Christmas Jealousy


#1

We are in of some advice about what to do with our 10year old. She was very happy with what “Santa” brought her Christmas morning. We have been cutting back every year and not due to their behavior, they just have SOO much stuff. She was happy until she got with her other little friend in the neighborhood who got: TV, vcr, dvd player, gameboy ds + games, keyboard, and a dume buggy to ride around neighborhood (and other “little things”).
OK, my daughter, who is very good and does what she is told and helps out a lot, wants to know if Santa doesn’t like her?!! She also wants to know what things this little girl “did” to get all this stuff!!! Help. Has anyone ever been in this situation? Is she too old to still believe in Santa? :confused:


#2

So Santa is giving away fully-loaded entertainment centers now to ten year old girls! Lovely! :slight_smile:

Personally I would tell her the truth about Santa. I don’t know any ten year olds who genuinely still believe in Santa Claus anymore, though obviously they’re out there. My husband believed for quite awhile and had a hard time with what he felt was dishonesty from his parents for keeping the secret so long. Santa is supposed to enhance the mystery and joy of gift-giving for young children–not mess up their virtue with unnecessary jealousy and worrying about why they didn’t get material things in equal measure.

The only other thing I might add is that perhaps she needs a dose of what Christmas is really about–celebrating the birth of Jesus and giving to others (not taking inventory of gift acquisitions). If there is time over her Christmas break, perhaps you would like to volunteer as a family in some situation that would directly benefit another person or people.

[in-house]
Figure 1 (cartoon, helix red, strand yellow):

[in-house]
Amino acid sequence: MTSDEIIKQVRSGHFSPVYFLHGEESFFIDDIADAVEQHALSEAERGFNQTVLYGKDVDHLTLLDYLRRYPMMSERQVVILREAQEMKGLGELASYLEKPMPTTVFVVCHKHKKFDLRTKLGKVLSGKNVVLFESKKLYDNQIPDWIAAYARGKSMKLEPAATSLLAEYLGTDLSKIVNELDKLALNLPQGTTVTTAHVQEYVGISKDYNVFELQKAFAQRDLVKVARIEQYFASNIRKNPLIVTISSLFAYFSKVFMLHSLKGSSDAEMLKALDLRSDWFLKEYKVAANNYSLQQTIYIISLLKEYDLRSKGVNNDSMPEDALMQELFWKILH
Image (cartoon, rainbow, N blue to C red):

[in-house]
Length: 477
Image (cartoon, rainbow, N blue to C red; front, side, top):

Good luck!


#3

She needs to know the truth about possessions, not just Santa. I have to assume that you live a “less is more” lifestyle. It wasn’t just Santa who didn’t give her all that stuff. It was you. If you don’t want to break the news about Santa, you can always skirt the subject and say, “Do you think Santa would give someone something that her parents wouldn’t want her to have?” She needs to know that you give her less because you do love her. You don’t need to make that a bad reflection on her little friend’s parents. What they give their children, how they decide what is best for them, is their business and their responsibility to decide. As for you, you would not send her out into the world with appetites that you feel will only leave her hungrier and hungrier.